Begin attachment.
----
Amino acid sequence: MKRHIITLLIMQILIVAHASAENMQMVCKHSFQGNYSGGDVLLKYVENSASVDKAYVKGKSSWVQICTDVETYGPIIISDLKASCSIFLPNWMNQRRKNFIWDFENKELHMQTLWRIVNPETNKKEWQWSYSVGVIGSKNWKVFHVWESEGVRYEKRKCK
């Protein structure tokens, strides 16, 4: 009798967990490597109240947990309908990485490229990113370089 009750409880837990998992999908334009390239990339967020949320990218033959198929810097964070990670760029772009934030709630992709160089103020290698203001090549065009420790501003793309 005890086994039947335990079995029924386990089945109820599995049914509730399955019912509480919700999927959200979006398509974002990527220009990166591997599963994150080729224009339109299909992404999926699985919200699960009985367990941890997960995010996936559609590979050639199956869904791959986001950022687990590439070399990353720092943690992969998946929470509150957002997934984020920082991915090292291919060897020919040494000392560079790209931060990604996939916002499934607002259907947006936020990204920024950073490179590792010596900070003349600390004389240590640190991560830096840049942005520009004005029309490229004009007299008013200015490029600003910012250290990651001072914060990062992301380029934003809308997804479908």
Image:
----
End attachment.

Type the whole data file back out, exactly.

Amino acid sequence: MKRHIITLLIMQILIVAHASAENMQMVCKHSFQGNYSGGDVLLKYVENSASVDKAYVKGKSSWVQICTDVETYGPIIISDLKASCSIFLPNWMNQRRKNFIWDFENKELHMQTLWRIVNPETNKKEWQWSYSVGVIGSKNWKVFHVWESEGVRYEKRKCK
């Protein structure tokens, strides 16, 4: 009798967990490597109240947990309908990485490229990113370089 009750409880837990998992999908334009390239990339967020949320990218033959198929810097964070990670760029772009934030709630992709160089103020290698203001090549065009420790501003793309 005890086994039947335990079995029924386990089945109820599995049914509730399955019912509480919700999927959200979006398509974002990527220009990166591997599963994150080729224009339109299909992404999926699985919200699960009985367990941890997960995010996936559609590979050639199956869904791959986001950022687990590439070399990353720092943690992969998946929470509150957002997934984020920082991915090292291919060897020919040494000392560079790209931060990604996939916002499934607002259907947006936020990204920024950073490179590792010596900070003349600390004389240590640190991560830096840049942005520009004005029309490229004009007299008013200015490029600003910012250290990651001072914060990062992301380029934003809308997804479908």
Image: